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Chemistry as a Second Language

Journal Article by: Cara Hanes Digital resources are stored online in your NSTA Library.

Chemistry is a unique language in and of itself that can be difficult for students to understand. As a result, the basic curriculum approach described in this article was designed to make chemistry more accessible to students, especially those who are second-language learners. This approach incorporates multiple intelligences, the learning cycle, and specially designed academic instruction in English (SDAIE) strategies. Through the implementation of these strategies, students learn how to write and decode chemical formulas, understand chemical reactions, and explore the concept of the mole.

Grades
  • High

A selection from The Science Teacher—February 2004

  • Publication Date
    2/1/2004
  • Volume
    071
  • Issue
    02
  • ISSN
    Not Available
  • Pages
    4

Community ActivitySaved in 228 Libraries

Reviews (3)
  • on Wed Dec 22, 2010 10:24 PM

This resource utilizes the different learning modalities and Second Language Learning strategies to instruct students in the basics of chemical nomenclature, conservation of matter, and balancing chemical equations.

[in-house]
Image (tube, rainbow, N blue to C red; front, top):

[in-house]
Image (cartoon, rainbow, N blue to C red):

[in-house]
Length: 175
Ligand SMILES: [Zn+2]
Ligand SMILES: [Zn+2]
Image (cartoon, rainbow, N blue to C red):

Therese  (Salisbury, MD)
Therese (Salisbury, MD)

  • on Fri Sep 09, 2011 12:01 PM

This article describes strategies such as the learning cycle, multiple intelligences and English learning strategies used to help students understand the language of chemistry. From chemical symbols to chemical formulas to understanding chemical reactions, and ending with the mole, this author explains the step by step process she has used to forward the goal of understanding chemistry.

Adah  (San Antonio, TX)
Adah (San Antonio, TX)

  • on Wed Apr 13, 2011 7:40 AM

I agree with the author that Chemistry is a completely new language for most students. The author outlines her use of multiple intelligences, the learning cycle, and specially designed academic instruction in English (SDAIE) strategies to help students learn to "speak" Chemistry. She describes how she teaches her students to write chemical formulas and understand chemical reactions and the molar concept. I appreciate many of the strategies discussed in this article and look forward to incorporating them into my chemistry class.

Ruth Hutson  (Westmoreland, KS)
Ruth Hutson (Westmoreland, KS)


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